Dead Space 3 (PC Origin / ~8 hours / Status: Active) - I'm still having a good time with DS3, mostly because I'm hoping Isaac and Ellie will end up together at the end. Yeah, strange reason to want to keep playing a third-person, survival horror shooter, but at least the game's writers should be happy. What I could do with less of is some of the silly "puzzles" they've thrown at me. One involved moving cargo out of the way of a ship-board transport. I thought I'd just use my kinesis power and move stuff or attach rockets like I did in DS2. No. In this one, I find a control panel that allows me to rotate two pieces until they can connect together like Tetris blocks - and they forgot to put into the PC version what the activation was to get them to pair! (It was space-bar, by the way.) Most of the puzzles I've found were obviously designed for twin-stick controllers, but I'm managing. Other than that, I still wish the weapons had more of a punch (even on Casual they are wimpy) and the lack of active save points has led to some annoyingly long game sessions.
**Update**: In preparing this blog entry, I looked over the above paragraph and, while the "complaints" about the puzzles were justified, I think that, overall, it doesn't convey the feeling that I have been getting from playing DS3, especially last night's session...which would be HOLY FUCKING AMAZE-A-BALLS!!! I mean this game has been good, really good! The first hour was better, action and setting wise, that almost all of Dead Space 2 put together. It really feels like I'm playing in a blockbuster sci-fi movie. (An Amazon review I saw said it was the "Michael Bay" Dead Space game. Fine with me.) But last night I played (spoiler alert) the part of the game where you fly this barely operational shuttle down to the planet where you hope you can stop the Marker's effects. If games get more exciting that that sequence, I don't know if I could handle it! Dodging space junk, mines, and keeping the ship on course, worrying about every little bump and bang. Then it catches fire! Then it starts falling apart! Just before hitting the planet surface, Ellie gets sucked out of the side! CRASH! After this fiery reentry and "landing", I'm alone on a freezing planet and have to run between piles of burning wreckage to keep from dying of the cold. Plus there's monsters chasing me, other wrecked ships that are falling apart around me, I'm trying to find Ellie, not die, following flares she's left in the snow (she's alive!!), and then this giant necromorph pops up from over a cliff and grabs me!! (I don't mind fessing up to a full-on shriek about that time.) More monsters, more cold, hide in a shelter, run through a derelict structure, avoid another giant necromorph grab (smaller shriek this time), find another shelter, run around it looking for the way in, getting colder, shoot monsters, keep running, Find Door, OPEN DOOR, IN!! When I finally got to this stopping place for the night (well, early morning), I realized that I was still vibrating from the adrenaline in my blood stream! That is something I've NEVER had happen in a game before! Only February and I might be playing my Game of the Year.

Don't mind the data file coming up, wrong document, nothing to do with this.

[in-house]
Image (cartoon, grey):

The Wii U is here! - Well, I actually bought it back in 2014 and it's been sitting in a box for all that time, but it's setup now. It took awhile before I felt I needed to get a Wii U, in the first place. But, over the YEARS it's been out, there are now some games that I want to play. The first one that got my attention was ZombiU, then Mario Kart 8, then...well, it's hard to say, but cheap game prices helped. The initial setup of this system was shockingly difficult. I mean, the Wii U is only one generation removed from the Gamecube, a system that required nothing more than power and a TV hook-up. The amount of updating that was required to get the U up to speed was embarrassing. Anyone who is not very tech savy (or patient) might never get it working. I haven't done any gaming on it yet, but I'm looking forward to at least getting to play through Earthbound on Virtual Console.